Taking actions in Tactical Mind 2 cost resource points; the catch here when compared to more tradition SRPGs is that every action starts at one point, and every time that action is taken it raises the cost for that action by one point. So, if you spawn one new pawn at the beginning of a game, it costs one point. The next costs two points, the next three, and so forth. Cost increases carry over between players, too; so whatever the red team doe increases costs for the blue team. Point costs do reduce if no one takes that action for one turn. It’s an interesting, but sometimes frustrating mechanic that adds an element of long-term planning to the game.
Resource generation overshadows most other aspects of strategy; the best strategy is always getting yourself set up to gather the most points each turn. Many boards are small enough that if you have a ton of points banked, you can storm across the board in one turn. So, while the gameplay can be fairly challenging and satisfying from a tactical standpoint, it is a little disappointing that there isn’t a broader range of viable tactics.
Different Modes in New Dimensions
Tactical Mind 2 offers three different game modes. The campaign boasts 180 different maps, each with three different difficulty levels, making for a ton of replayability. Frankly, even if you don’t play each level three times, that’s a lot of value for five bucks. There is a single player mode where you can just play against an AI opponent of a randomly-generated map. Finally, there is a local multiplayer mode where you can play against a friend on a randomly generated map.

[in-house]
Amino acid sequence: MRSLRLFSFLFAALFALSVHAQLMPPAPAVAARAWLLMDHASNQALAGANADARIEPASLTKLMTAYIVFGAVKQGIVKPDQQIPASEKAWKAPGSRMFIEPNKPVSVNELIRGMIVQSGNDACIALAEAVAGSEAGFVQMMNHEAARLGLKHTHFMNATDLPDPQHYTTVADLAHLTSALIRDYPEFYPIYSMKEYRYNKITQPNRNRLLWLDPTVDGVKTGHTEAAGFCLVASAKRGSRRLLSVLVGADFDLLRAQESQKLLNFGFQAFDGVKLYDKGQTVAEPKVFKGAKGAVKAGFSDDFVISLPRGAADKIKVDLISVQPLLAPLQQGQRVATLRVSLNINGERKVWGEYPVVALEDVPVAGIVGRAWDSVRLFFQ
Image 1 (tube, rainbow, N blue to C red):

In addition to the standard, flat, hex or square grid maps, the game offers three-dimensional game boards for added challenge. Some maps are cylindrical with square grids, while some are hex grid spheres. The 3D maps are especially challenging; I didn’t expect it would be as hard as it was to keep track of pawn placement and the overall game situation on a 3D map. I can’t really think of a game I have played that uses 3D boards like this; some have boards that wrap around at the edges, but they are presented in a two-dimensional fashion. Not being able to see the whole map at once really challenged my ability to effectively plan a strategy.
Tactical Mind 2 is a decently challenging strategy game. While the strategy almost always boils down to who can generate the most resources, doing so doesn’t always guarantee success. There are multiple ways to prevent your opponents from gaining resources, and vice versa. The graphics and music are acceptable, but suffer from a lack of variety. Every board has the same aesthetic, just with different arrangements in each level, so things get a little boring visually after a while. Despite these issues, it remains a fun, challenging game to pick up and play for a few levels every once in a while, and a great choice for anyone who loves strategic, turn-based games.
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*A game code was provided for review purposes.